A review of major methods of seizure detection is provided in references [Refs. 9, 10, 11]. To summarize, methods applied depend on how seizure is theorized to be generated and how the EEG signal is classified. The classic theory has been to present the EEG signal (obtained by multiple electrodes) as a multivariate random process. Accepting this view, linear signal processing methods such as autocorrelation-based (or equivalently Fourier-based and spectral methods) are applied to the EEG signal. The newer and more modern view has been to regard the EEG signal as a manifestation of a deterministic chaotic process, with a lower dimensionality during and around seizure periods. Based on this view, nonlinear signal processing and particularly those based on chaos theory are employed. However, most recently researchers [Refs. 9, 10, 11] increasingly avoid simple classification of seizure and its representation in the EEG domain as one of the mentioned two classes (random or deterministic chaotic). They believe while there is considerable nonlinearity in the EEG process, there are also random components in the signal. Also, there is no conclusive evidence to characterize the nonlinearity in the EEG signal as low-dimensional chaotic process. Still the nonlinear approaches seem to yield useful results provided that their limitations are taken into account [Ref. 12]. A thorough review of seizure prediction and control is provided in [Ref. 13]. As noted in [Ref. 13], effective prediction and control of epileptic seizures is an open research topic.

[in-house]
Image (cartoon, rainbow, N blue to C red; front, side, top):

U.S. Pat. No. 5,743,860 by Hively et al. discloses methods of seizure detection based on nonlinear chaotic-based time series analysis such as correlation dimension and minimum mutual information. U.S. Pat. No. 6,549,804 by Osorio et al, discloses a combination on nonlinear filtering methods to perform real-time analysis of the EEG signal for seizure prediction. U.S. Pat. No. 6,735,467 B2 by Wilson, discloses methods of seizure detection based on neural networks and clustering algorithms. U.S. Pat. No. 6,061,593 by Fischell et al. discloses methods seizure prediction based on d-c shift detection in the EEG signal. The method is geared towards an implantable device for epilepsy control. They further elaborate on their implantable device in U.S. Pat. No. 6,473,639 B1.